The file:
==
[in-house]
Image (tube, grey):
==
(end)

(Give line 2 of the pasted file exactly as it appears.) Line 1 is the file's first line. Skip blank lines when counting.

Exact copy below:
Image (tube, grey):